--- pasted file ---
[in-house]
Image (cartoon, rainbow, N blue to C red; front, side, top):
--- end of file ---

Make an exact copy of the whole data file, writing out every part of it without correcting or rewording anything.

[in-house]
Image (cartoon, rainbow, N blue to C red; front, side, top):